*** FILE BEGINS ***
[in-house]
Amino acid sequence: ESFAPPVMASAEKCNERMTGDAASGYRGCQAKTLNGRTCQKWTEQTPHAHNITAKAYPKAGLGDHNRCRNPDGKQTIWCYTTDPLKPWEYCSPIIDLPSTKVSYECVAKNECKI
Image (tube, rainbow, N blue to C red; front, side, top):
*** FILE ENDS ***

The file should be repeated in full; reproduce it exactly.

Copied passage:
[in-house]
Amino acid sequence: ESFAPPVMASAEKCNERMTGDAASGYRGCQAKTLNGRTCQKWTEQTPHAHNITAKAYPKAGLGDHNRCRNPDGKQTIWCYTTDPLKPWEYCSPIIDLPSTKVSYECVAKNECKI
Image (tube, rainbow, N blue to C red; front, side, top):